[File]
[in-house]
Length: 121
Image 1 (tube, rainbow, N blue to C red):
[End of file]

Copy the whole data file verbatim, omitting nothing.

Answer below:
[in-house]
Length: 121
Image 1 (tube, rainbow, N blue to C red):